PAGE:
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Author Topic: Audition/Interview Process  (Read 1143 times)

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Offline scuzneck

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Audition/Interview Process
« on: February 25, 2013, 04:04:38 PM »
Never having been any farther than the submit a tape to the powers that be phase of The Amazing Race/Survivor selection process, I need a question answered by someone who may be in the know. Is there a time when your "fears" come out in interviews? If so, do producers normally ask about how intense that fear is?

Jamil and Idris both, unequivocally, admitted that the were afraid of water. Not just afraid, but deathly afraid, of it. I understand having fears and that part of the lure of TAR and Survivor and other reality shows is being able to face those fears and conquer them but when does that fear become too much of a fear for producers to say to prospective contestants that they cannot be on the show. It seemed that Jamil and Idris' fear was so much that some other team that could have made the cut (and didn't show as much fear of water, in this case) should have went in their place. It just seemed like a wasted spot.

Do not get me wrong. In the end, I loved the message that the twins were giving by attempting the challenge and giving it over 100% but as soon as we (the viewers who haven't looked at the spoilers  :yess: )knew what the detour was the rest of the show (no matter how good the editing) was academic. We knew they were going to be eliminated. Just in my opinion, their spot should have been given to a team without the object terror that Jamil and Idris had.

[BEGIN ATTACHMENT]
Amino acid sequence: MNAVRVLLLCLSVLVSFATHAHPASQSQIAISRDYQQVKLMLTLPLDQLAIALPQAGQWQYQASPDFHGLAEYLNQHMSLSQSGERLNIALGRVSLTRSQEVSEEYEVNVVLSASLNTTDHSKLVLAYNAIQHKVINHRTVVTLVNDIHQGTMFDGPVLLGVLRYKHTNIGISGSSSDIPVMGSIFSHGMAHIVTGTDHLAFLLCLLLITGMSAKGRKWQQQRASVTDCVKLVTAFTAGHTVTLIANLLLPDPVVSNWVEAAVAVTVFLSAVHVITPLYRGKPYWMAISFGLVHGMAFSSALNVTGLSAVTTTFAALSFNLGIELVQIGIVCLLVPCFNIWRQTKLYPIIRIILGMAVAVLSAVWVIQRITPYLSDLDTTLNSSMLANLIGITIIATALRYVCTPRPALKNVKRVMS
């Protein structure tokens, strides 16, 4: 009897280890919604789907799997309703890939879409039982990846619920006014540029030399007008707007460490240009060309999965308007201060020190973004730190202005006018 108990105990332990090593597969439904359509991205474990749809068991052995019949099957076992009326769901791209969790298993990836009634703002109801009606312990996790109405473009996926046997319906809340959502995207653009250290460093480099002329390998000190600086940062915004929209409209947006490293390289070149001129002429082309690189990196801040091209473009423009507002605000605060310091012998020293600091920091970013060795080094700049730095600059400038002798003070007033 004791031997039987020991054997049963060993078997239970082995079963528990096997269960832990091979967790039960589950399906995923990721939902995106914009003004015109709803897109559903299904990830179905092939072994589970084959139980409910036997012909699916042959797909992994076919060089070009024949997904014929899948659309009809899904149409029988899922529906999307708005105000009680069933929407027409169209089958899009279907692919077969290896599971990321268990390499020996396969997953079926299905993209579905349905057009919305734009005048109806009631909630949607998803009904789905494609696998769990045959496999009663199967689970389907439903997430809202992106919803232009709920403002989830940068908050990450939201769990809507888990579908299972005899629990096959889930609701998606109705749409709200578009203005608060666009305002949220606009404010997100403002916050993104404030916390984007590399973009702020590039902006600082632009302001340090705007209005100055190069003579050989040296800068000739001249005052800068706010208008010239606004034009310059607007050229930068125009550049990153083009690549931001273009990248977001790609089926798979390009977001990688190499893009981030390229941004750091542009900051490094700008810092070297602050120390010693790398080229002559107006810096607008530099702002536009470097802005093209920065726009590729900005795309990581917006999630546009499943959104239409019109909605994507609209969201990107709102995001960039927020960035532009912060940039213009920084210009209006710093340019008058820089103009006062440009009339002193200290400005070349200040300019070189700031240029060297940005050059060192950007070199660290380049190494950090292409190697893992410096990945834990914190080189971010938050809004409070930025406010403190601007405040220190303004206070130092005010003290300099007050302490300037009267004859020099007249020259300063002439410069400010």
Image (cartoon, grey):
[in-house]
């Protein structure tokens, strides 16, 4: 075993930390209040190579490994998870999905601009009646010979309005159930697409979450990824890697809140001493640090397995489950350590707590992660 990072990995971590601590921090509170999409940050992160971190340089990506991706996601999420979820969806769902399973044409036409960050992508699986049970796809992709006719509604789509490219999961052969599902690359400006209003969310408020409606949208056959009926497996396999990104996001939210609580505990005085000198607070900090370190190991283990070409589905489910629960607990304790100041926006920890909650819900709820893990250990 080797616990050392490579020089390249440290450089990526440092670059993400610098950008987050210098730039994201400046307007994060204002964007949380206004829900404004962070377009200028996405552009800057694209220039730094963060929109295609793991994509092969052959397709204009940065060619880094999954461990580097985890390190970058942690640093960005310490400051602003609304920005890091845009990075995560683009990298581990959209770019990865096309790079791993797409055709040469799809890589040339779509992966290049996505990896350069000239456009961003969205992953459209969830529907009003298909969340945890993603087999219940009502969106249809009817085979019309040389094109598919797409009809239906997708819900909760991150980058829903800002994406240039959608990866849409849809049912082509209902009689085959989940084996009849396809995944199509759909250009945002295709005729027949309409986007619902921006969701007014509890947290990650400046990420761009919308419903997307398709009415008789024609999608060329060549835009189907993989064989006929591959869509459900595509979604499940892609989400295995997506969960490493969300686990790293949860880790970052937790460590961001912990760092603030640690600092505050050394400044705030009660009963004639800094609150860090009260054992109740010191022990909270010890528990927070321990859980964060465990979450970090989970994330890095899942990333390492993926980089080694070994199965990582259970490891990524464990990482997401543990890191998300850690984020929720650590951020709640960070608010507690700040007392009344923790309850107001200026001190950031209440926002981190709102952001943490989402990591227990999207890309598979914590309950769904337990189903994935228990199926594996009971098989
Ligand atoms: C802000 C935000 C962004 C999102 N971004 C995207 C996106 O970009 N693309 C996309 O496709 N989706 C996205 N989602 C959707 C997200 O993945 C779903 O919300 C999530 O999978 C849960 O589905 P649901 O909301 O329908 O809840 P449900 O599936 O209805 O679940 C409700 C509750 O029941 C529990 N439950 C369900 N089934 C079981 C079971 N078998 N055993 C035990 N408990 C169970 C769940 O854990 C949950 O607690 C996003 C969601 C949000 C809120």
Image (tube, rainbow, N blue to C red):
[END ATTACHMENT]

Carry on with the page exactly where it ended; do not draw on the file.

Offline georgiapeach

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Re: Audition/Interview Process
« Reply #1 on: February 25, 2013, 04:10:00 PM »
Fears are addressed in the initial application. BVM gave an interview saying we know their fears and phobias.

My guess is that some tasks ARE meant to force a facing of fear of heights, etc. Remember when the person who wanted to jump turned out to be the ground tracker instead? That got the fearful ones in the air, which makes for drama, which makes for ratings.

Remember too that Phil has spent a lifetime based on his N.O.W to encourage people to face and overcome your fears.

So I would think that IS something discussed in route planning.

This Detour was difficult in that BOTH tasks were water related, but as we saw, they did provide a "way out" in the dive hood choice.
"Our fans are pretty good. They don't give away too much. Sometimes people love dropping spoilers, but our fans are good. They tend to do it in such a way that doesn't ruin it for fans who don't want to know."--Phil Keoghan

Offline redskevin88

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Re: Audition/Interview Process
« Reply #2 on: February 26, 2013, 06:27:16 AM »
Well they could have been a recruited team

Show content
This season could have as many as six recruited teams.

Offline Plaidmoon

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Re: Audition/Interview Process
« Reply #3 on: February 26, 2013, 01:04:56 PM »
If I ever apply for the show, I'll be sure to hide my fear of relaxing by a pool, eating gourmet meals and long naps.  :)

Oh, and message boards. Posting on message boards ABSOLUTELY terrifies me!!!!!!!!!!!!! 

:peek

Offline georgiapeach

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Re: Audition/Interview Process
« Reply #4 on: February 26, 2013, 02:50:36 PM »
:lol3: Good one!
"Our fans are pretty good. They don't give away too much. Sometimes people love dropping spoilers, but our fans are good. They tend to do it in such a way that doesn't ruin it for fans who don't want to know."--Phil Keoghan